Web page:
Following the American Civil War Sesquicentennial with day by day writings of the time, currently 1863.

by John Beauchamp Jones

            SEPTEMBER 25TH.—The latest dispatch from Gen. Bragg states that he has 7000 prisoners (2000 of them wounded), 36 cannon, 15,000 of the enemy’s small arms, and 25 colors. After the victory, he issued the following address to his army:


            “It has pleased Almighty God to reward the valor and endurance of our troops by giving our arms a complete victory over the enemy’s superior numbers. Thanks are due and are rendered unto Him who giveth not the battle to the strong.

            “Soldiers! after days of severe battle, preceded by heavy and important outpost affairs, you have stormed the barricades and breastworks of the enemy and driven him before you in confusion, and destroyed an army largely superior in numbers, and whose constant theme was your demoralization and whose constant boast was your defeat. Your patient endurance under privations, your fortitude, and your valor, displayed at all times and under all trials, have been meetly rewarded. Your commander acknowledges his obligations, and promises to you in advance the country’s gratitude.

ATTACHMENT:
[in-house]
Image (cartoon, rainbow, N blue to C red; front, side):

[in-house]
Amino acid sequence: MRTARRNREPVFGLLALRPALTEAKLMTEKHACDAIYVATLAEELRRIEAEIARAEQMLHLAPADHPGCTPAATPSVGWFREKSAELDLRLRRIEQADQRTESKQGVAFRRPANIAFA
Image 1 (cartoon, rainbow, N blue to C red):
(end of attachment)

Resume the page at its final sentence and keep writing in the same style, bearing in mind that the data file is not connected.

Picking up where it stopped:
“But our task is not ended. We must drop a soldier’s tear upon the graves of the noble men who have fallen by our sides, and move forward. Much has been accomplished—more remains to be done, before we can enjoy the blessings of peace and freedom.

            “(Signed)                                                                     BRAXTON BRAGG.”

            The President has received an official report of Gen. Frazer’s surrender of Cumberland Gap, from Major McDowell, who escaped. It comprised 2100 men, 8 guns, 160 beef cattle, 12,000 pounds of bacon, 1800 bushels of wheat, and 15 days’ rations. The President indorsed his opinion on it as follows:

            “This report presents a shameful abandonment of duty, and is so extraordinary as to suggest that more than was known to the major must have existed to cause such a result.—J. D. Sept. 24.”

            The quartermasters in Texas are suggesting the impressment of the cotton in that State. The President indorses as follows on the paper which he returned to the Secretary of War:

            “I have never been willing to employ such means except as a last resort.—J. D.”

            The Secretary of War is falling into the old United States fashion. He has brought into the department two broad-shouldered young relatives, one of whom might serve the country in the field, and I believe they are both possessed of sufficient wealth to subsist upon without $1500 clerkships.

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